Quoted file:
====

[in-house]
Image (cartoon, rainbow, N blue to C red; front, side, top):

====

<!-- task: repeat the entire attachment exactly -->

[in-house]
Image (cartoon, rainbow, N blue to C red; front, side, top):